Ananda agreed to accept the post if the Buddha would agree to eight conditions. Four of them related to the non-acceptance of gifts and favours from the Buddha. Ananda wanted to ensure that there would be no doubts cast that he had accepted this position in order to obtain material gain. The other four related to the performance of his duties while being mindful of his own advancement in the Noble Path. The Buddha agreed to Ananda’s requests.
The fact that Ananda felt comfortable in asking the Buddha, whom he loved and respected and to whom he was loyal, for a conditional acceptance, illustrates the relationship between the Buddha and His monks and the manner in which the Buddha ran His ministry. The Buddha was the undisputed leader. But there was no fear under His reign. Monks felt free to voice their opinion and to question the Buddha at will.
In truth, the term personal attendant does not convey all the duties and responsibilities carried out by Ananda. In addition to taking care of all the Buddha’s personal needs Ananda was an executive assistant to the Buddha and helped in the management of His large retinue of monks, nuns and devotees. He also had the unique advantage of hearing most of the Buddha’s discourses and because of his unusually retentive memory, was declared the Guardian of the Dhamma.
To attain the position of personal attendant of a Buddha, one needs to aspire to the position and perform many meritorious deeds over a period of 100,000 world cycles. Ananda made this aspiration 100,000 world cycles ago, at the time of the Buddha Padumuttara. At that time he was born as Sumana, the younger half-brother of the Bodhisatta Gotama (known at that time by the name Jatila). He provided the requisites during the three months of the rainy season to the Padumuttara Buddha and His retinue of 100,000 monks. He then aspired to be the personal attendant of a future Buddha. The Buddha Padumuttara looked into the future and saw that this aspiration would be fulfilled. He informed Ananda that in 100,000 world cycles he would be the personal attendant of the Buddha Gotama. From this time onwards Ananda continued to perform meritorious deeds to fulfill his aspiration.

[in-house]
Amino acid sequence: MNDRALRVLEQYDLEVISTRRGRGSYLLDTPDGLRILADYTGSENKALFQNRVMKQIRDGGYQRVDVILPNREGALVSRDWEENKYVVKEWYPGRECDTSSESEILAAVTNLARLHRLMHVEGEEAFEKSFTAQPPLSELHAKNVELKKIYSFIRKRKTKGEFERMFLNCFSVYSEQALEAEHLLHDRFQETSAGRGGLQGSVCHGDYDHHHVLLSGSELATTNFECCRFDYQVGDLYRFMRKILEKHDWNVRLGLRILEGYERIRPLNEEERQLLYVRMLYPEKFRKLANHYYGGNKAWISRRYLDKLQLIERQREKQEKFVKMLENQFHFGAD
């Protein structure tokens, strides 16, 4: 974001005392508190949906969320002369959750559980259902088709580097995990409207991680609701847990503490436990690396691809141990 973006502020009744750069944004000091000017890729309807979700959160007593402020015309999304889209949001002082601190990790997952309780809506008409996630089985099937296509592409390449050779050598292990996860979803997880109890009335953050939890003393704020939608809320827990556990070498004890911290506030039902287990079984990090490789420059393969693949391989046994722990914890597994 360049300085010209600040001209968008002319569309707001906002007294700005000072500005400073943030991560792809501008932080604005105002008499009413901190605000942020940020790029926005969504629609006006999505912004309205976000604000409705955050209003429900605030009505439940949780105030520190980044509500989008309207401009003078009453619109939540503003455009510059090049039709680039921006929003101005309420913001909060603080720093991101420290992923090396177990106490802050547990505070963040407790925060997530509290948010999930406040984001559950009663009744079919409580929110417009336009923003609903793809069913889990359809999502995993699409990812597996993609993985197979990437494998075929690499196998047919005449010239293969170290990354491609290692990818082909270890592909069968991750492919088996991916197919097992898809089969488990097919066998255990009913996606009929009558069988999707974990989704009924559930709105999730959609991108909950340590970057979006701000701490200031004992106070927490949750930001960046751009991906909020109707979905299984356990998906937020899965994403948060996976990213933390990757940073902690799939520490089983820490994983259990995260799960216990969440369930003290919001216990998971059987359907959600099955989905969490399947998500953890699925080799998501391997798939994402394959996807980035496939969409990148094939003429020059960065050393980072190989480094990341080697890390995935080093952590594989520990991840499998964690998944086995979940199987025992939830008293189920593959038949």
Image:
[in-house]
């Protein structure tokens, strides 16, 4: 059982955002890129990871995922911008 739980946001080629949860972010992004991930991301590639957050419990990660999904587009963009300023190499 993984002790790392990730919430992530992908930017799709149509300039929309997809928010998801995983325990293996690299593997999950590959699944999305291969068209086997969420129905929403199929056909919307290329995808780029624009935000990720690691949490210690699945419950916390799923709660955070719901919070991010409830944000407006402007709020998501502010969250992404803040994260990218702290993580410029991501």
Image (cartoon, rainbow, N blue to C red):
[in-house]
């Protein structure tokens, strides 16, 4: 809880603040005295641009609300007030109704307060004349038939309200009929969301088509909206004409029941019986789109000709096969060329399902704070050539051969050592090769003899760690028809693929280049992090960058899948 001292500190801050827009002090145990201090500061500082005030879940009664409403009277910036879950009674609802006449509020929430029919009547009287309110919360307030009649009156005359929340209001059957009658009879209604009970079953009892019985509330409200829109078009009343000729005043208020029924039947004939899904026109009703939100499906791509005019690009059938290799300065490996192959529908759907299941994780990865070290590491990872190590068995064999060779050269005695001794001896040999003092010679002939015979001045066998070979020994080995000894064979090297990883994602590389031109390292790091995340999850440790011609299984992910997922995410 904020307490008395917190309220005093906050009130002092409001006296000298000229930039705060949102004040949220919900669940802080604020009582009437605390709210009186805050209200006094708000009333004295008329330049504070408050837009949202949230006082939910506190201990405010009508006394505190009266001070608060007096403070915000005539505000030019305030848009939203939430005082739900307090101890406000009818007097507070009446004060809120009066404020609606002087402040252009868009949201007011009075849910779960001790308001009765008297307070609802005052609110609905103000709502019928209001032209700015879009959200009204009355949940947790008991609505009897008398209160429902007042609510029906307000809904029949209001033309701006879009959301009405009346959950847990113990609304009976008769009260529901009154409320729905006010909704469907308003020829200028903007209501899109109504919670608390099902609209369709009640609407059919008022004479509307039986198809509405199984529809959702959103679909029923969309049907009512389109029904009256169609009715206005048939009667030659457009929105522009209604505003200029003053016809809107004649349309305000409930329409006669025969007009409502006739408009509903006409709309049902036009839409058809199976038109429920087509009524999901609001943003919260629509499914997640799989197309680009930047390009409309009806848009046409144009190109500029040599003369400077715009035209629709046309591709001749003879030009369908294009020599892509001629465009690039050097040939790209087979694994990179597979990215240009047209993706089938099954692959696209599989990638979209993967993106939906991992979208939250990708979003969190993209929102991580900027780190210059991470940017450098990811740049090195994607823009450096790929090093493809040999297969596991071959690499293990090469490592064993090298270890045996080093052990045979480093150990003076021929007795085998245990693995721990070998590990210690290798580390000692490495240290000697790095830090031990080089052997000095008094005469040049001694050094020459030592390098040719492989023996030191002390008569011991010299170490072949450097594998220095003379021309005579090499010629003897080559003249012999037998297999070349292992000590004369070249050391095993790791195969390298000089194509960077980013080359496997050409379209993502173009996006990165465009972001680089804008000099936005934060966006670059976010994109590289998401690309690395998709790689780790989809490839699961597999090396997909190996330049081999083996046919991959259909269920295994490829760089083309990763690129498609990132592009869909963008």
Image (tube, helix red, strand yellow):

In addition to being the Guardian of the Dhamma, Ananda was well-known for two other important events that he initiated. They were the planting of the Ananda Bodhi and the founding of the order of the nuns.
Many persons came to Jetavana to pay homage to the Buddha and to learn His teachings. Sometimes when they came, the Buddha was away helping a person in distress. As many had traveled long distances to see Him and were disappointed, Ananda asked the Buddha what could be done to help these disappointed devotees.
The Buddha then asked Ananda to bring a sapling from the Bodhi Tree in Buddha Gaya and plant it in Jetavana. He then said: "In my absence, let my devotees pay homage to the great Bodhi Tree that gave me protection during enlightenment. Let the Bodhi Tree be a symbol of my presence. Those who honor the Bodhi Tree would in essence be honoring and paying homage to me."
Ever since that time, Buddhists from all over the world have venerated the Bodhi Tree as they would the Buddha, with scented water, flowers and incense. Many uninformed persons have misunderstood this symbolic action by saying that Buddhists worship trees. The Buddha statue, the Bodhi Tree, the relics of the Buddha, are but symbols of the Buddha that people use to focus the mind on the compassionate and serene qualities of the Buddha. The veneration of the Buddha provides the tranquillity and peace of mind that many people cannot readily acquire to meditate, study, and listen to His teachings.
It was at Ananda’s request, on behalf of Maha Pajapati, that the Buddha instituted the order of the nuns. The Buddha had initially refused Maha Pajapati Gotami’s request to be ordained. It was after Ananda’s question as to whether women were incapable of reaching spiritual heights and the Buddha’s reply that women were as capable as men of reaching spiritual heights, that the Buddha had agreed to the formation of the order of the nuns. As such, women had a special regard and respect for Ananda. This, together with his pleasing nature, made Ananda very popular. It is said that there were none who spoke ill of Ananda or were envious of him despite his honoured position and proximity to the Buddha.